Can You Evict a Tenant in California During COVID-19?

 

During these unprecedented times, and more so than ever before in modern history, the ability of a landlord to evict a tenant in the State of California is under siege. Even prior to COVID-19, California passed statewide rent control and imposed limits on rent increases under AB1482, which took effect on January 1, 2020, with limited exceptions. Now, with COVID-19, the State of California and many local jurisdictions have taken eviction restrictions to entirely new levels. The government is taking swift action to protect renters, while doing little to nothing to help landlords. This article is an update to a previous article that was published on March 19, 2020, called “Covid-19 and Evictions in California,” and offers an update into California evictions during COVID-19, with a particular emphasis on Los Angeles City, Los Angeles County, and Santa Clarita. Note that the laws continue to change rapidly, so landlords should consult legal counsel prior to taking any action, as these laws are subject to continual change. No legal advice is hereby given.

California Eviction Moratorium

Misconceptions abound with respect to the current status of evictions statewide and in many local jurisdictions. Contrary to what many people believe, the State of California does not currently have a complete statewide eviction moratorium. On March 27, 2020, Governor Newsom signed Executive Order N-37-20 [PDF], which placed certain restrictions on evictions, but did not place a blanket eviction moratorium on all evictions.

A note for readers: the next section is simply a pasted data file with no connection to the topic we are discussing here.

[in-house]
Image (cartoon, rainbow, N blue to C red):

Highlights of the Order include:

  • An extension of time for defendants (tenants) to respond to an unlawful detainer complaint. Under the Order, tenants shall have 60 days after being served with an eviction complaint that is based on non-payment of rent, to respond to the complaint, so long as the tenant satisfies the following:
  • 1. The tenant previously paid rent to the landlord.
  • 2. The tenant notifies the landlord in writing before the rent is due, or within 7 days after the rent is due, that the tenant needs to delay all or some payment of rent because of an inability to pay the full amount due to reasons related to COVID-19.
  • 3. The tenant must retain verifiable documentation to support their claim that they are unable to pay due to COVID-19. The documentation should be provided to the landlord no later than the time when the past-due rent is due.
  • The tenant is ultimately responsible for paying rent.
  • The sheriff is not permitted to execute on a Writ of Possession while the Order is in effect, so long as the eviction was due to non-payment of rent and the tenant satisfies the notice requirements discussed above. Nothing in the Order prohibits the sheriff from executing on a Writ of Possession when the eviction did not pertain to non-payment of rent, or when the tenant failed to notify the landlord that the tenant didn’t pay due to an issue related to COVID-19.